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Tim Burke: Reflecting on dads as Father’s Day nears

Being a father is a gift that not everyone gets to experience but for those of us who are lucky enough to be a dad, the role comes with a lot of responsibility in raising children. Moms rule the house and make everything work as a family unit, but dads play an important role in teaching their children how to become good adults.

We are not genetically preprogrammed with what we need to know to be a good dad. A switch doesn’t flip in our brain when our children are born, and we then automatically download the instruction book on how to raise them. Instead, that instruction book was learned and imprinted into us while watching our parents as they raised us.

We do inherit many genetic traits from both of our parents. Many of those traits are physical ones. The most common are widow’s peak, bent pinkie, earlobe attachment, rolling of the tongue, cleft chin, dimples, left or right handedness, and curly hair.

Other physical traits can be related to health. We inherit traits for our height, muscle mass, weight, blood pressure, heart conditions, cholesterol, eye color, hair color, vision, and color blindness. In many cases it doesn’t mean that we will have those exact traits, it depends on whether the genes in our parents are dominant or recessive. It also depends on our lifestyle, eating habits, exercise, stress, and a host of other factors.

We also inherit mental genetic traits from our parents. Researchers have discovered that five major mental disorders may be linked to the same common inherited genetic variations, according to a study published in the journal Nature Genetics. Schizophrenia, bipolar disorder, major depressive disorder, autism spectrum disorders, and attention-deficit hyperactivity disorder (ADHD) can be passed from the parents to their children.

None of those inherited genetic traits automatically tell us how to be a good dad. We learn parenting skills from our parents. If we were lucky enough to have both parents available to us, we learned from watching how they parented. If your dad was around, whatever he did was your version of how things are supposed to be, and you grew up trying to emulate what he did. Good or bad, that was your definition of normal and you didn’t have any other instruction book on how it was supposed to be.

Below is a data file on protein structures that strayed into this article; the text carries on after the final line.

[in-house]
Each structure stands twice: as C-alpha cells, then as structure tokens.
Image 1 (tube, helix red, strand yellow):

So, what are the characteristics of a good dad? Well, sometimes it’s easier to figure out what a not good dad is. I was shopping at one of our local stores recently and I couldn’t but help overhear a cellphone conversation between a dad and his adult son. First, why do people think they need to put their cellphone calls on speaker so everyone within 50 feet must hear their conversation? But that is probably a subject for another column on etiquette in public.

Secondly, this conversation between a dad and his son (they referred to each other that way so it was easy to figure out who was who) was filled with foul language, crude references to women, and taking a nap before they go out drinking. All this while the mom was walking with the dad in the store, she even chimed in on the conversation occasionally. I can guarantee that my dad and I never had a conversation like that, even when I was an adult.

I was fortunate to have a good (no, make that great!) dad growing up. He was kind, fair, loving, quiet, and hardworking. He taught us to treat other people nicely and have good manners. He especially taught us to be nice and respectful to our mom. Dad taught us by his example. He went to work every day. He never complained about his job or his boss. He volunteered helping in his community.

He paid his bills and didn’t lie to people. He was moral. He didn’t go to church much, only on special occasions but he made sure that we attended vacation bible school every summer. He encouraged us and taught us to think for ourselves. He was protective but let us be kids. He was actively involved in our activities, knew all our friends, and attended all our functions at school. He participated in our lives but was not overbearing, abusive, or mean.

I lost my dad to Parkinson’s disease before he had a chance to see his many of his grandchildren. But his legacy and his example on being a great dad is alive and well in every one of them today.

Tim Burke is a businessman, philanthropist, educator and Pahrump resident. Contact him at timstakenv@gmail.com

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